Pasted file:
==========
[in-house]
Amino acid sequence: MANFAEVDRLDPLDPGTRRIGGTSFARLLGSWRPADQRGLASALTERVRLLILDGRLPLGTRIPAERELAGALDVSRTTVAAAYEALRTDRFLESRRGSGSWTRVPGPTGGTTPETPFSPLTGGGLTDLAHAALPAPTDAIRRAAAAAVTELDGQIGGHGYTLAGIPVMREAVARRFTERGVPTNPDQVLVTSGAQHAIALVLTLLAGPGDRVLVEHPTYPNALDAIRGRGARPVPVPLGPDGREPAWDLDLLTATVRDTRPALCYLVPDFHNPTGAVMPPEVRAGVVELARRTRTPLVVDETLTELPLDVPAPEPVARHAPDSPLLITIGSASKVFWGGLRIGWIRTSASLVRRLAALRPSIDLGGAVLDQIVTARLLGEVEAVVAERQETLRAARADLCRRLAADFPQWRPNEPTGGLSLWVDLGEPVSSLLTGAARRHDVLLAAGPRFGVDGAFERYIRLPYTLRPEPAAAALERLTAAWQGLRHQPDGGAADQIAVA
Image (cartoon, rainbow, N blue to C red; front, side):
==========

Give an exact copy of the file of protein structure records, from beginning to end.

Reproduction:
[in-house]
Amino acid sequence: MANFAEVDRLDPLDPGTRRIGGTSFARLLGSWRPADQRGLASALTERVRLLILDGRLPLGTRIPAERELAGALDVSRTTVAAAYEALRTDRFLESRRGSGSWTRVPGPTGGTTPETPFSPLTGGGLTDLAHAALPAPTDAIRRAAAAAVTELDGQIGGHGYTLAGIPVMREAVARRFTERGVPTNPDQVLVTSGAQHAIALVLTLLAGPGDRVLVEHPTYPNALDAIRGRGARPVPVPLGPDGREPAWDLDLLTATVRDTRPALCYLVPDFHNPTGAVMPPEVRAGVVELARRTRTPLVVDETLTELPLDVPAPEPVARHAPDSPLLITIGSASKVFWGGLRIGWIRTSASLVRRLAALRPSIDLGGAVLDQIVTARLLGEVEAVVAERQETLRAARADLCRRLAADFPQWRPNEPTGGLSLWVDLGEPVSSLLTGAARRHDVLLAAGPRFGVDGAFERYIRLPYTLRPEPAAAALERLTAAWQGLRHQPDGGAADQIAVA
Image (cartoon, rainbow, N blue to C red; front, side):